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Nosocomial Infections

A growing concern for hospital patients worldwide is the chance of receiving a nosocomial infection. According to the text Microbiology: An Introduction, a nosocomial infection is defined as an infection “that does not show any evidence of being present or incubating at the time of admission to a hospital; it is acquired as a result of a hospital stay” (Tortora, Funke, and Case, 420). Common nosocomial infections include; surgical wound infections, urinary tract infections (UTI), pneumonia, nosocomial diarrhea, and septicemia, while several causative agents for infections are coagulase-negative staphylococci, enterococci, Escherichia coli, Pseudomonas aeruginosa, and Klebsiella pneumoniae. Despite the fact that modern sterilization techniques as well as disposable materials are used in hospitals, nosocomial infections are a continuous problem. Studies show that roughly 5% to 15% of patients acquire a nosocomial infection during their stay at hospitals, which is nearly 2...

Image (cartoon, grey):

Posted by: Carmen hershman

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